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The rotator cuff is a term used for a group of muscles and tendons of the shoulder. Their function is to stabilize the shoulder. Together with two additional muscles of the arm (the teres major and the deltoid) rotator cuff muscles connect the humerus with the scapula. A rotator cuff injury refers to any kind of irritation or damage to any of the rotator cuff muscles and/or tendons.

Clinical Characteristics of Rotator Cuff Injury

This type of injury features with many symptoms and signs including pain and tenderness in the shoulder area, shoulder weakness and loss of shoulder range of motion. The pain intensifies during certain movement such as reaching overhead, reaching behind the back, lifting, pulling and even while sleeping on the injured side. In the case of severe injury patients complain about persistent pain (pain that occurs during movement and at rest).

Causes of Rotator Cuff Injury

There are numerous causes of rotator cuff injury. For example, the injury may develop in a form of tendinitis, inflammation of one or several tendons. The inflammation develops as a result of overuse or overload. It is typical for athletes. Apart from tendinitis bursitis is another form of injury of rotator cuff muscles. In this case the inflammation affects the fluid-filled sac that lies between the tendon and the skin or the bone.

Rotator cuff injury is most commonly a consequence of normal wear and tear and occurs in people older than 40. Degeneration of the rotator cuff structures is a predisposition for an injury. Furthermore, the injury is associated with poor posture, falling or lifting and pulling. Repetitive stress is also one of many causes of inflammation and potential tearing.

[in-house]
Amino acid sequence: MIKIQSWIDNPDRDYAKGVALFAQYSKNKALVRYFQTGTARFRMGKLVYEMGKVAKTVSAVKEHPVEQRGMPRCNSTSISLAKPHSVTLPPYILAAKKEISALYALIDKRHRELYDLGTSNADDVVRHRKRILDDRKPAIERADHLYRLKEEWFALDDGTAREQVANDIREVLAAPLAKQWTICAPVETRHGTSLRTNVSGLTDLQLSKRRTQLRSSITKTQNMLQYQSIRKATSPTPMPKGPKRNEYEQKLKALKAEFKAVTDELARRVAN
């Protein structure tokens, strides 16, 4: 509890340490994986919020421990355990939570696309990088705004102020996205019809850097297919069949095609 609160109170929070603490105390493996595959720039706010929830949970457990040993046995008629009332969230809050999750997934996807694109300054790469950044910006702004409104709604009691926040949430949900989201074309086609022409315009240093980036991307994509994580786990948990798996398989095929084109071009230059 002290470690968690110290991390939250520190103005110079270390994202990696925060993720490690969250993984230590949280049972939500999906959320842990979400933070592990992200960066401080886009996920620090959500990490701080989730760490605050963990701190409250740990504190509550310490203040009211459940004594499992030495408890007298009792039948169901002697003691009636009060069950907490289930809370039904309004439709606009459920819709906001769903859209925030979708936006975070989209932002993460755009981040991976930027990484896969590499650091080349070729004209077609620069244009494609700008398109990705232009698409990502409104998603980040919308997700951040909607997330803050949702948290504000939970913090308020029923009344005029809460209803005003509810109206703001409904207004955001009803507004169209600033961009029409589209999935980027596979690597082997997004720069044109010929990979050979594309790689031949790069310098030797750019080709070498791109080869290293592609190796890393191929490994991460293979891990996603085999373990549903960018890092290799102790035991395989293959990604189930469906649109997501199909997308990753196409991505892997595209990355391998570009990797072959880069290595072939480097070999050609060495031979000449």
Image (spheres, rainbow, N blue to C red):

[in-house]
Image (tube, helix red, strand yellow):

Therapy for Rotator Cuff Injury

Minor injury requires proper rest, application of cold and hot compresses, pain relievers and exercise therapy (physical therapy). The exercises are deigned to assist in healing, improve the flexibility and strength of the injured muscles.

Furthermore, in moderate and severe forms of the injury patients may be treated with steroid injections or surgery. Direct injection of corticosteroids in the injured area reduces inflammation and pain. Surgery for rotator cuff injury is performed only in the case of a large tear. The open repair can be obtained through a longer or a shorter incision. The repair may also be performed arthroscopically (with an assistance of a small camera). Patients who have additionally developed rotator cuff arthropathy may need more extensive surgery such as partial shoulder replacement or total shoulder replacement. And finally, even after surgery patients with rotator cuff injury must undergo physical therapy.

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